Well we’ve figured out why Olympic gold medalist Kristian Blummenfelt won’t be competing at WTCS Montreal later this month – that same weekend the Norwegian will be racing at the Ironman European Championship in Frankfurt, Germany, taking on the likes of full-distance specialists like Patrik Nilsson (SWE), Germany’s Andi Boecherer and Canadian Brent McMahon.
You can find the full pro list for Frankfurt here.
After his impressive win at the Olympics, Blummenfelt told World Triathlon that his plans for the rest of the year include the race in Frankfurt, where he hopes to earn a qualifying slot for the Ironman World Championship in Kailua-Kona, Hawaii.
“I want to win Kona this year,” he said in the World Triathlon podcast.
Blummenfelt says he also intends to go after the WTCS championship, too – he plans to race in Edmonton a week after his full-distance debut as he hunts that world title, too. To take that title, though, he’ll likely have to beat Great Britain’s Alex Yee, who currently leads the WTCS standings and took the silver medal in Tokyo.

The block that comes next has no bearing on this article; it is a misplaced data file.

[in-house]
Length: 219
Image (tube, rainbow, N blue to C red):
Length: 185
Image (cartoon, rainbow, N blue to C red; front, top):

There’s a lot of history of Olympians moving up to full-distance racing – Jan Frodeno being the most famous example as the 2008 Olympic champion and three-time Ironman world champion. Alistair Brownlee would win his first full-distance effort in Ireland, and also set a new course record when he dominated Ironman Western Australia in 2019. In 2000, the year of the first Olympic event in Sydney, American Joanna Zeiger finished fourth in the Olympics, then took fifth in Kona.
Qualifying for Kona would hardly be a surprise for Blummenfelt, who holds the world-best time for the half-distance – a 3:29:04 that featured a 21:36 swim, 1:56 bike and a 1:06 run at the Ironman 70.3 Middle East Championship in Bahrain. In 2019 he took fourth at the Ironman 70.3 World Championship in Nice, France, a week after he won the WTS Grand Final in Lausanne, Switzerland (photo above). Turning around a week after his Ironman debut to win the world title over an Olympic distance event would certainly be quite a feat.
It’s not as if Blummenfelt’s ambitious schedule will end after this year, either – he’s one of the four athletes involved in the sub-7 and sub-8 project next year where he and Great Britain’s two-time Olympic gold medalist Alistair Brownlee will try to break seven hours for a full-distance race, while Great Britain’s Lucy Charles-Barclay and Switzerland’s gold and silver Olympic medalist Nicola Spirig will try to break the eight-hour barrier for a full-distance race.